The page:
Achieving tenure, or its equivalent, is a remarkable feat. In today’s academic environment, it requires years, if not decades, of intense academic study, poorly compensated postdoctoral fellowships and overwhelming sessional teaching responsibilities.
So it’s not surprising that once the celebration is over, many recently tenured professors struggle. After thinking about peer-reviewed publications (or, in teaching-focused institutions, innovative course development and delivery techniques) for their entire career, now they face a degree of freedom that can be confounding.
Not all those who achieve tenure share the same academic goals. But there should be one theme that ties every post-tenure experience together: a commitment to service.
Early-career faculty are rightly encouraged to focus on meeting the qualifications for tenure established by their departments. Since service is rarely a determining factor in tenure cases, it is rarely a priority. Achieving tenure can, and should, change such thinking at four levels.
1. Service to the institution
It is both unwise and unfair to ask pre-tenured faculty to participate in their institution’s executive bodies; such service rarely supports one’s research or teaching. But taking a role in the governance of the institution is beneficial professionally and to the academy as a whole. It gives context to how strategic decisions are made and better equips faculty to navigate the dynamics of university politics. As well, it ensures that faculty play a meaningful role in the direction set by the institution’s strategic leadership.
The idea of shared governance in the postsecondary setting is rather unique, and if faculty members do not show their commitment to it, the system could end up being replaced, as it has in some U.S. institutions, by administrative processes that are considerably less faculty-friendly.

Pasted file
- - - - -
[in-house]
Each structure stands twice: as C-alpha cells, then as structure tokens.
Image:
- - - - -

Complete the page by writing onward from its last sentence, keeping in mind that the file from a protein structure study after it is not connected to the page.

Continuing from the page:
2. Service to the discipline
No one can achieve tenure without navigating the peer-review process numerous times. And every success was contingent on the contributions of at least two academics who assessed each manuscript, grant proposal or monograph.
Understandably, many pre-tenured faculty avoid reviewing duties. Good reviews take time, and some fields are small enough that anonymity is difficult to preserve.
Achieving tenure should signal that it is time to give back. At the very least, tenured faculty should aim to review two articles for every one they have submitted, and two more for every grant application they’ve received. Similarly, they should serve on conference organizing committees when asked and assess book manuscripts with the care that previous reviewers brought to their own scholarship.
Those who achieved tenure on the basis of excellence in teaching should offer their services to the learning support centre on campus or to professional development programs within their department.
3. Service to the future
Few faculty members will ever achieve tenure without a mentor, but since mentorship is rarely effective if it is imposed, finding effective ways to show support for the next generation of scholars can be challenging.
One small step that tenured faculty might consider is taking graduate students – and not just their own students – to lunch (not coffee) at conferences. Sharing a meal with potential future colleagues serves at least three purposes: (1) it allows students the rare chance to eat well at a time when departmental support for travel is sparse; (2) it initiates students into the academic community in an open, supportive way; (3) it gives faculty members a realistic sense of the job market as they take on more graduate student supervisions themselves.
4. Service to one’s academic self
There are good reasons for pre-tenured faculty to be relatively conservative in their approaches to research and teaching; committee members are human, and inadvertently alienating a tenure-and-promotions assessor can end one’s career.
Tenure provides an opportunity to take new risks. Faculty should experiment with collaborative research, if they haven’t before, or with individual projects, if they’ve always worked in teams. Teaching experiments – whether the integration of new academic technology, the re-design of an old course or the design of a new one, or collaboration with colleagues – might also be embraced.